Carcinogenic (CREG)


<0.5 - 4,100

<0.5 - 685

70 MCL



<1.1 - 320

<1.1 - 56

400 RMEG




<0.6 - 96

<0.6 - 190



Source: Louis Berger & Associates, Inc., 1997a; Burns & McDonnell, 1998a, 1998b, 1999

1 The data summarizes the analytical results for samples collected between October 1993 and May 1999 from on-post and off-post groundwater monitoring wells

ppb = parts per billion; CREG = ATSDR’s cancer risk evaluation guide; RMEG = ATSDR’s reference dose media evaluation guide; MCL = EPA’s maximum contaminant level.

Table 4.

Summary of Contaminants in Off-post Private Wells
Contaminant Concentration Range2 (ppb)

Comparison Value (ppb)

R-2 M-1 Noncarcinogenic Carcinogenic (CREG)


10 - 290

1.5 - 150

<0.5 - 19

70 MCL



1.6 - 330

1.1 - 230


400 RMEG




3.7 - 76

0.6 - 96




Source: Louis Berger & Associates, Inc., 1997a; Fort Riley, 1999d.

1 ATSDR reviewed the water quality data (summarized in this table) and exposure information and concluded that drinking water from the auto speedway tap in the past has not caused harm to its visitors’ or workers’ health.

2 The data summarize the analytical results for samples collected between October 1993 and May 1999 from off-post (downgradient) private wells. It should be noted that at the time of this public health assessment, results from the most recent groundwater sampling (May 1999) show that 1,2,-DCE (1.5 - 12 ppb), PCE (1.1 - 1.6 ppb), and TCE (<0.6 - 5 ppb) concentrations in R-1, R-2, and M-1 are below their respective MCL.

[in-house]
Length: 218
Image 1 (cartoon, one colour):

Key: ppb = parts per billion; CREG = ATSDR’s cancer risk evaluation guide; RMEG = ATSDR’s reference dose media evaluation guide; MCL = EPA’s maximum contaminant level; < = less than.


Figure 1. Area Map

Source: Louis Berger & Associates, Inc., 1997a

Figure 2. Site Map

Source: Louis Berger & Associates, Inc., 1997a

Figure 3. ATSDR’s Exposure Evaluation Process

Figure 4. Location of Marshall Army Airfield-Former Fire Training Area

Source: Louis Berger & Associates, Inc., 1997a